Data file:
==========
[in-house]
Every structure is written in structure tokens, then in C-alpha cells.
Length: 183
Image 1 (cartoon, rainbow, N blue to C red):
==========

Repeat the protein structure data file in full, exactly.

[in-house]
Every structure is written in structure tokens, then in C-alpha cells.
Length: 183
Image 1 (cartoon, rainbow, N blue to C red):